February 12, 2016
Amid a tight austerity framework with IMF’s Director of European Department Paul Thomsen suggesting additional measures of 9 billion euros and further cuts for Greece to achieve midterm goals, the Syriza-led government is proceeding to the advancement of healthcare reforms to protect the most vulnerable parts of the Greek society.
The major aim of the reforms is to provide 2-2,500,000 people not covered by any social security theme with health coverage, including pregnant women, children, mentally ill, drug addicts, chronically ill people. In this broad category immigrants without legal documents are also included, with the government to facilitate their coverage for as long as their asylum or any other application are pending.
At the same time, the Greek government is introducing incentives for medical recruitments in under-populated areas, distant from urban centres regions were needs are continuously growing. In similar respect, facilitation and acceleration of medical recruitments is achieved through the creation of Recruitment Councils in nationwide scale, therefore tackling bureaucratic delays.
Being aware of the degree of corruption problem in the health sector, the government is also moving to the creation of Patient Rights Bureau in every administrative periphery, established in public hospitals, to address complaints and deal with cases of bribery. Furthermore, the Ministry announces the re-organization of Disciplinary and Monitoring Boards that will support the Bureaus and build a wide network of information exchange towards better coordination.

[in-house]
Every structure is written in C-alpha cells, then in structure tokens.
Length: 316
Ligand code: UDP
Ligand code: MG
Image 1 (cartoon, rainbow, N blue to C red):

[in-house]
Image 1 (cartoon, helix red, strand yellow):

In Santorini, one of the most famous Greek islands and an international tourism destination, the government comes to address a deep-rooted problem, impossible for a European country: the creation of a public hospital, equipped with all units.
All that reforms might seem elementary for a modern state, but unfortunately the previous governments, despite excessive EU funding during the last thirty years, did nothing more than weakening the very foundations of a welfare state. Today, in conditions of tough austerity, the Syriza-led government tries to keep the balance between fiscal consolidation and social justice, providing the minimum safety nets to the most affected ones.
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